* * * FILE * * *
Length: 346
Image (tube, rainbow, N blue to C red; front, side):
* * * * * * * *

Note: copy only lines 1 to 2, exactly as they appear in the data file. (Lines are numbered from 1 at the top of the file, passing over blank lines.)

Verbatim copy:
Length: 346
Image (tube, rainbow, N blue to C red; front, side):